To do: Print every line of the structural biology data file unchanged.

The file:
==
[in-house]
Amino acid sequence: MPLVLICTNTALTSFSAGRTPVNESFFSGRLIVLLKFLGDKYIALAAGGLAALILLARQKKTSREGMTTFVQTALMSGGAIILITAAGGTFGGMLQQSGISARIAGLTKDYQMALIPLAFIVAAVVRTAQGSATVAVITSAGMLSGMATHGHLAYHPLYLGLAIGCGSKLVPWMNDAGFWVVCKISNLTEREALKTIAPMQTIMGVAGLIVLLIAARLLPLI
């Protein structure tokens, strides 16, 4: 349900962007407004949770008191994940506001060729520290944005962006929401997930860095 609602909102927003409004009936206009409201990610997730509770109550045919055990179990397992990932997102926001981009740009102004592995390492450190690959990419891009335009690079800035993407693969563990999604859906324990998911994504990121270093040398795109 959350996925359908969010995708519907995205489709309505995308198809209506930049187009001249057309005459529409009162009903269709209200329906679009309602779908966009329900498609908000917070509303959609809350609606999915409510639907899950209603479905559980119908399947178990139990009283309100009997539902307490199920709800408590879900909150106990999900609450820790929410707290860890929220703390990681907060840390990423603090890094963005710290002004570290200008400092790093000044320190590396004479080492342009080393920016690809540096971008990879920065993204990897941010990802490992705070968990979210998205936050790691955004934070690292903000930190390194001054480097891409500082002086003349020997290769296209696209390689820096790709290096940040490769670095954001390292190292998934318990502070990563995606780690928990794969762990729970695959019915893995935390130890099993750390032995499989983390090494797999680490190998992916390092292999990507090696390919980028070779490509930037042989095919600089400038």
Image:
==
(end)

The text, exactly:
[in-house]
Amino acid sequence: MPLVLICTNTALTSFSAGRTPVNESFFSGRLIVLLKFLGDKYIALAAGGLAALILLARQKKTSREGMTTFVQTALMSGGAIILITAAGGTFGGMLQQSGISARIAGLTKDYQMALIPLAFIVAAVVRTAQGSATVAVITSAGMLSGMATHGHLAYHPLYLGLAIGCGSKLVPWMNDAGFWVVCKISNLTEREALKTIAPMQTIMGVAGLIVLLIAARLLPLI
């Protein structure tokens, strides 16, 4: 349900962007407004949770008191994940506001060729520290944005962006929401997930860095 609602909102927003409004009936206009409201990610997730509770109550045919055990179990397992990932997102926001981009740009102004592995390492450190690959990419891009335009690079800035993407693969563990999604859906324990998911994504990121270093040398795109 959350996925359908969010995708519907995205489709309505995308198809209506930049187009001249057309005459529409009162009903269709209200329906679009309602779908966009329900498609908000917070509303959609809350609606999915409510639907899950209603479905559980119908399947178990139990009283309100009997539902307490199920709800408590879900909150106990999900609450820790929410707290860890929220703390990681907060840390990423603090890094963005710290002004570290200008400092790093000044320190590396004479080492342009080393920016690809540096971008990879920065993204990897941010990802490992705070968990979210998205936050790691955004934070690292903000930190390194001054480097891409500082002086003349020997290769296209696209390689820096790709290096940040490769670095954001390292190292998934318990502070990563995606780690928990794969762990729970695959019915893995935390130890099993750390032995499989983390090494797999680490190998992916390092292999990507090696390919980028070779490509930037042989095919600089400038």
Image: